Though it may at first seem to lack a touch of the supernatural, Halloween — unlike recent films about serial killers — makes little attempt to humanize its masked antagonist. Director John Carpenter borrows elements from Alfred Hitchcock’s Psycho, but — whether by accident or design — fails to explain away the actions of his killer. Michael Myers sets about slaying the teenagers of Haddonfield, Illinois, with a motive flimsier than Dracula’s: his human form belies a force no more explicable than a tornado. Carpenter added elements of his own devising, including shots from the killer’s point of view, the sound of the killer’s breathing and — most effective of all — glimpses of the killer lurking in the background. The result is truly terrifying, even viewed repeatedly. Halloween spawned six sequels and a legion of imitators, including Friday the 13th.
R • 101 min. • 1978

The Blair Witch Project
This movie assumes what you can’t see is far scarier than what you can. If you agree with that premise, The Blair Witch Project is guaranteed to scare you silly. It poses as a documentary, ostensibly edited together from footage found in the woods of western Maryland. Directors Daniel Myrick and Eduardo Sanchez actually relied on documentary techniques to make the movie. They abandoned three actors in the woods with video cameras, camping supplies and a list of instructions. The result is something like Survivor with an unseen antagonist. In fact, the film’s villain is never seen, only heard — creeping around in the darkness and screaming in the distance. It also leaves a trail of inexplicable artifacts, including an unidentifiable piece of bloody flesh. All this tends to drive imaginative viewers to the brink but holds little interest for literal-minded folks.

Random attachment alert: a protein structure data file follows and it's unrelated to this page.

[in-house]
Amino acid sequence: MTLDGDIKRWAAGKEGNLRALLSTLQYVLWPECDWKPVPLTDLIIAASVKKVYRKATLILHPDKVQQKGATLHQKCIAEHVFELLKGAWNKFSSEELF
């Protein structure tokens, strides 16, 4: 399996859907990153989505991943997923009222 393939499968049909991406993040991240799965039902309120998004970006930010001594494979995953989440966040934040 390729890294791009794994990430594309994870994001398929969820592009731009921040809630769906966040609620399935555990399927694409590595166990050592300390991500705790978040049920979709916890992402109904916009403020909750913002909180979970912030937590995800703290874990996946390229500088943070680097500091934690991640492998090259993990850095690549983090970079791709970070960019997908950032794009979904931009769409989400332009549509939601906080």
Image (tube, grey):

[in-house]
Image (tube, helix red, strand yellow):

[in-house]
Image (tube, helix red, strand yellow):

R • 86 min. • 1999

Few Americans are familiar with Dario Argento; art-house regulars might remember his tongue-in-cheek portrayal in Pedro Almodovar’s Tie Me Up, Tie Me Down, but probably aren’t aware that the B-movie director in that film was inspired by a real person. Besides Almodovar, Argento is Spain’s most popular director, and his most famous work — at least, on this side of the Atlantic — is Suspiria. The movie’s plot isn’t much — an American ballet student is accepted at a prestigious German dance school run by a coven of murderous witches. On top of this simple foundation, Argento builds a Baroque tower of horror. He blatantly disregards reality to shock, scare and entertain — all of which Suspiria does, in spades.